As I write this blog, I can proudly tell you that I have wrapped up my spring quarter and…most importantly MY FIRST YEAR OF GRADUATE SCHOOL. I need to emphasize the latter in all capital letters, because there have been a couple of times where I wanted to drop out of the program or jump off a bridge with an anvil tied to my ankle. If you asked Garren winter quarter of his senior year in college that he would be living in Columbus, with two roommates, working at the same job, and getting his Master’s of Labor and Human Resources he would have given you major side-eye (intense look of disapproval).
It is so weird looking back a year from now and realizing that I graduated from undergrad. When I received my diploma, I literally had nothing going for me, because I did not receive my acceptance letter from the MLHR program until about 10 days after (I was using my diploma as a coaster because it currently was not doing anything for me). Slightly over dramatic, but the MLHR program kind of saved my life. Not that the degree rescued me from a fire, but I know that I would probably be jobless and living at home with my mother in Dayton which (love her to death) would have driven me insane.
This year has been quite a challenge for me. As I have stated from previous blogs, the course load was way different then what I studied in undergrad. Sometimes I felt like I was not cut out for the program and should have maybe have just gotten my master’s in communication or journalism. I used to claim to my friends that I thought I was the “dumb one” of my cohort, and that when people probably got peeved when they found out they had group projects with me. I realized that I was not the only person struggling with classes (not too sure about the latter).
It was also different in the friendships I formed. The people in my cohort are very different than my friends (or actually vice versa because all of my friends I made pre-cohort are weirdos) that I made in undergrad. Making friends like a first year in undergrad was definitely different than making friends as a first year in graduate school. I have actually enjoyed making friends with people who are older and more mature then myself. I think it has helped me to become more mature as a person…not older though. I still refuse to tell people in my program my age, because I decided that I was not allowed to age anymore last year.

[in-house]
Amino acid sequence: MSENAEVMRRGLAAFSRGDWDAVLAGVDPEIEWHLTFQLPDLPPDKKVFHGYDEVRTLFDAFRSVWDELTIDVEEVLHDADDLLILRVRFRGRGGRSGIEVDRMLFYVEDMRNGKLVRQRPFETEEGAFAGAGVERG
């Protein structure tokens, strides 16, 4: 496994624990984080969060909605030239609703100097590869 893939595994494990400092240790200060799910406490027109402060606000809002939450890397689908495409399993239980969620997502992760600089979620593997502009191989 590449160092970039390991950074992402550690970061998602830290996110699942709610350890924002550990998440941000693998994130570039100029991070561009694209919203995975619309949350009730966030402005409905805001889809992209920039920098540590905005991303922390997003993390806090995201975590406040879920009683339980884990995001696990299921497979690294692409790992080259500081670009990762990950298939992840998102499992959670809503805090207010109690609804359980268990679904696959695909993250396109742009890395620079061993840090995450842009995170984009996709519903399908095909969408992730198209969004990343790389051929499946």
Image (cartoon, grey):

One thing I was surprised about was how much I was not boring this year. I thought I was going to be super lame all of the time, and that my friends were going to make fun of me, but I was surprisingly more fun than what I intended to be. Graduate school is not as painful as people think it is. It is just another level of education that one has to adjust to. I remember when I was in high school knowing I had to go to college if I ever wanted to be a successful human being, but also being nervous that I was not going to be smart enough to make it through undergrad (God bless freshman forgiveness though). Graduate school is weird between the education levels, because you normally have 4 years of undergrad, 4-5 years of doctoral education, but you only have 2 years for graduate school. Like someone explain to me how I have completed 50% of my graduate education within the span of 9 months?
I tend not to regret 99% of my life decisions, and this definitely would not be one of them. I mean…I still don’t like people, but luckily I have learned that you do not have to like people to go into HR. This DOESN’T mean I’m not a people person…I just prefer inanimate objects over the majority of the human population.
If I have any words I would like to give to my cohort they would be:
1. Good luck with internships! Be you in Columbus, Texas, or Antarctica (I don’t think anyone is actually interning there) work hard and have fun (and Eric you are not allowed to be in the sun because I am tired of you, Jen, and David being darker than me).
2. Make sure you keep updating your Facebooks and Twitters so that I can live vicariously through you (I will be in Columbus for the summer).
3. Use this time to relax and re cooperate. I think presentations, group papers, statistics, and FastCat were starting to take their toll on everybody these last few weeks and everyone’s moods were out of their normal sync. Use this time to take an academic break, so that you can be rested to take the classes that make this program so awesome in the fall. Read something that you…enjoy. Knit, craft, bar hop, or do whatever you need to be rejuvenated. I am actually not following my advice on this one, because I am taking summer classes FIRST TIME EVER IN MY LIFE. However, as I told a group member…I’m getting older, and if I take any time off I might not just come back.
I plan on still blogging about my internship and classes over the summer. Columbus is quite fun during the warmer months. I plan on blogging bi-weekly instead of weekly (so you will still have something to look forward to in the summer Fisher blog readers)!
As I click my heels and celebrate with my friends who are about to graduate from undergrad, good luck to every one and peace be with you.